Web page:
Gunpei Yokoi got noticed by higher-ups at Nintendo by tinkering with ideas in his free time, and worked his way up to become one of the biggest stars in the company. In addition to the Game Boy, Yokoi had a hand in the creation of the famous D-pad, Donkey Kong, Metroid, and the less-successful Virtual Boy.
6. Killing the Big Boos
Any Super Mario World player knows that the ghost houses often feature Big Boos, or the gigantic ghosts that follow you around when you aren’t looking. They’re annoying, because there is no obvious way to kill them. But recently, a Twitter user informed the world that you actually can kill a Big Boo by simply sliding down a stairway right into it.
Not only that, if you have a caped Mario you can slide into them too. While this was news to many, it wasn’t actually a major secret among hardcore Super Mario World gamers. It’s not like this was just recently discovered, decades after the release. But it appears that many people were unaware, which makes it a fun fact.
7. 256 glitch levels in Super Mario Bros.
It’s not news to Super Mario Bros. fans that there are secret levels and weird glitches in every single one of the games. But did you know that there’s a glitch in Super Mario Bros. that allows you to play up to 256 different levels? It’s true!
The entire process is extremely complicated, so we’ll let this video show you how to do it (you need several items, including a copy of Nintendo’s Tennis). The result is the ability to play in the “minus worlds,” which are essentially just glitches that include crazy stuff like swimming in the sky. But it’s still fun and interesting.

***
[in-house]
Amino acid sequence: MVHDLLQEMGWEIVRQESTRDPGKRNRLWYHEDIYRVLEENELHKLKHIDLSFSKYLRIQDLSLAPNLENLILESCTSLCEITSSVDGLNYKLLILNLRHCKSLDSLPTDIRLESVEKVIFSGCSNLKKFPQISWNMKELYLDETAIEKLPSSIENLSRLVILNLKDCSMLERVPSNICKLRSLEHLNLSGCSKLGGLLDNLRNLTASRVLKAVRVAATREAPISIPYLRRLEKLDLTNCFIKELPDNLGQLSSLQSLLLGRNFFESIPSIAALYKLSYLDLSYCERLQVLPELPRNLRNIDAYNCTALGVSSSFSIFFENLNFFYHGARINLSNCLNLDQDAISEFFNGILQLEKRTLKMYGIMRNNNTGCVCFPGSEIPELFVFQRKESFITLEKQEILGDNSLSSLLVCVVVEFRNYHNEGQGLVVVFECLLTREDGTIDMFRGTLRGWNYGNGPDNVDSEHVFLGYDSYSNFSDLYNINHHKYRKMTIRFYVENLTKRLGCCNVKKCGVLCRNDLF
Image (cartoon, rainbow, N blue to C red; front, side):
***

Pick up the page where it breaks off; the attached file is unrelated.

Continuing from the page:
8. Modding the new SNES classic
To capitalize on the remaining popularity of older games among millennials, Nintendo has recently released a few different gaming platforms designed to allow consumers to play the games of their youth. The Super Nintendo Classic is one such system, which comes pre-set with 21 games that includes Super Mario World, Mario Kart, Super Metroid, Donkey Kong Country, Star Fox, and the previously unreleased Star Fox 2.
But you can have more than that, if you’re willing to do some shady stuff (that we definitely don’t endorse or recommend). There are plenty of YouTube videos on how to modify the SNES Classic to add hundreds of old games, and you can even find pre-modded systems for purchase on second-hand sale sites. It’s another relatively open secret, and Nintendo isn’t exactly going to great lengths to stop people from doing it.
9. Autumn in Super Mario World
This one isn’t a super sexy secret, but it’s something fun that only true masters of Super Mario World ever discovered. There are multiple exits for many of the levels that take you to secret worlds, bonus areas, and other fun stuff. All in all, there are 96 different exits for all the levels involved in Super Mario World. If you find every single exit (including defeating Bowser) you’ll trigger the season of autumn, which essentially just turns levels and certain bad guys different colors. It’s a satisfying nod to the expert player.
10. Bowser’s airship returns in Super Mario World
Players of Super Mario Bros. 3 on the NES will remember that each world ended with Mario needing to jump on an airship, navigate to the end, and beat the bad guy. While the later-released Super Mario World didn’t feature any flying ships that you needed to board, there was one sunken ship. And that sunken ship was actually one of Bowser’s airships from SMB3. This was actually written in the manual, but it’s a fact that is mostly overlooked or forgotten.
This is the only level in Super Mario World that features a Magic Ball, which was found in many fortresses and airships in SMB3. The weird little thing is that the sunken airship features the Bullet Bills that annoyed players throughout SMB3, but the major baddies throughout the ship are the hundreds of ghosts that pop up out of nowhere. That’s a bit morbid, when you think about it. They’re the ghosts of villains that Mario killed in the previous game.